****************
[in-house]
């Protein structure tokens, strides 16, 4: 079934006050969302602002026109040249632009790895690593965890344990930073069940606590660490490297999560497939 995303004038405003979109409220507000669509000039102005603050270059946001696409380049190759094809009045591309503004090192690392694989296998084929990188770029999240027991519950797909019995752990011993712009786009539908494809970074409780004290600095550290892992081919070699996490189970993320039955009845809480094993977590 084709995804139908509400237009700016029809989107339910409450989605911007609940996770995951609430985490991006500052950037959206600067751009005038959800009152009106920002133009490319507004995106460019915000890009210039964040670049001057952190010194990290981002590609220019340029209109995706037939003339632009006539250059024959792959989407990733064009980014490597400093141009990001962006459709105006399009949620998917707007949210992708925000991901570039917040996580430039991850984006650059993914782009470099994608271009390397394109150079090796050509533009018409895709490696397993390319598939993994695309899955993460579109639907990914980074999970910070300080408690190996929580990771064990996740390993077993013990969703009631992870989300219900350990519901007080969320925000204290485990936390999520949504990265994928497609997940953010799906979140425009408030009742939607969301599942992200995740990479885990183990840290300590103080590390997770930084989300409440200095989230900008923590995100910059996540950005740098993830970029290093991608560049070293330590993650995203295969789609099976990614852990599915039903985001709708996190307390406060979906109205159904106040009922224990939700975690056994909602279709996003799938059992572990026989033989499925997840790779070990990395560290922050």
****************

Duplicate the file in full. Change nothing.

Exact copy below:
[in-house]
């Protein structure tokens, strides 16, 4: 079934006050969302602002026109040249632009790895690593965890344990930073069940606590660490490297999560497939 995303004038405003979109409220507000669509000039102005603050270059946001696409380049190759094809009045591309503004090192690392694989296998084929990188770029999240027991519950797909019995752990011993712009786009539908494809970074409780004290600095550290892992081919070699996490189970993320039955009845809480094993977590 084709995804139908509400237009700016029809989107339910409450989605911007609940996770995951609430985490991006500052950037959206600067751009005038959800009152009106920002133009490319507004995106460019915000890009210039964040670049001057952190010194990290981002590609220019340029209109995706037939003339632009006539250059024959792959989407990733064009980014490597400093141009990001962006459709105006399009949620998917707007949210992708925000991901570039917040996580430039991850984006650059993914782009470099994608271009390397394109150079090796050509533009018409895709490696397993390319598939993994695309899955993460579109639907990914980074999970910070300080408690190996929580990771064990996740390993077993013990969703009631992870989300219900350990519901007080969320925000204290485990936390999520949504990265994928497609997940953010799906979140425009408030009742939607969301599942992200995740990479885990183990840290300590103080590390997770930084989300409440200095989230900008923590995100910059996540950005740098993830970029290093991608560049070293330590993650995203295969789609099976990614852990599915039903985001709708996190307390406060979906109205159904106040009922224990939700975690056994909602279709996003799938059992572990026989033989499925997840790779070990990395560290922050």